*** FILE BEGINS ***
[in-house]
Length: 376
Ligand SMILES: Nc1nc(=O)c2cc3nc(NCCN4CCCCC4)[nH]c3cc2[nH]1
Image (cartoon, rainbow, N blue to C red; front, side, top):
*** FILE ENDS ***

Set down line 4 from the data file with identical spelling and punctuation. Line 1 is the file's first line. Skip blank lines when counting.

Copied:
Image (cartoon, rainbow, N blue to C red; front, side, top):